DTLA has been giving Museum Row a legit run for its money as the city’s cultural hub for years now, what with the launch of powerhouse galleries like Hauser & Wirth, mega-institutions like the Broad, and pop-up exhibitions like the Museum of Ice Cream. Downtown’s domination continues with this weekend’s grand (re)opening of the Institute of Contemporary Art, Los Angeles (ICA LA in brief and/or via text message) in the Arts District, which is actually just a new name and location for the old Santa Monica Museum of Art.
ICA LA’s inaugural exhibition is a survey of the late Martín Ramírez, a Mexican artist who created a massive body of work while incarcerated in California’s mental health system. “In the beginning he didn’t have any kind of paper or materials,” says ICA LA executive director Elsa Longhauser, who curated the exhibition. “He was able to scavenge materials from the hospital: examining table paper, envelopes, crushed paper cups, whatever he could find. He would glue these fragments together with chewed up bread and mashed potatoes, and with scraps of pencil and burnt matchsticks, he made a series of magnificent drawings.” One of the most magnificent pieces from Ramírez’s oeuvre of outsider art is a 17-foot scroll, on display at ICA LA for the first time. “It takes you on a journey through mountains and tunnels and architecture and fields,” Longhauser says. “It’s a touchstone to understanding his visual vocabulary.”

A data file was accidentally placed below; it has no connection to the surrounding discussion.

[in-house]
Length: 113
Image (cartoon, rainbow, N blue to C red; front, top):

The show is part of the Getty’s insanely ambitious Pacific Standard Time: LA/LA initiative, but it’s not the only thing on display. Your Instagram feed is about to blow up with pics of Sarah Cain’s now i’m going to tell you everything, a splashy 3D piece of wall art dripping with brightly colored paint and glittery backpacks located in the museum’s courtyard.
You can also catch a sculptural installation from Abigail DeVille in the museum’s smaller Project Room; hers is an oversized tree whose branches are hung with found objects (beds, fences, car parts). Both exhibitions were put together by curator Jamillah James, who is stepping into her new role at ICA LA after a stint as assistant curator at the Hammer.
Check out all three exhibitions when the museum opens to the public on September 9, and don’t worry about bringing cash—entry is free.
ICA LA is located at 1717 E. 7th Street, Los Angeles. Opening week hours:
September 9, 11 a.m.–6 p.m.
September 10, 11 a.m.–6 p.m.
September 13–15,11 a.m.–7 p.m.
September 16, 11 a.m.–6 p.m.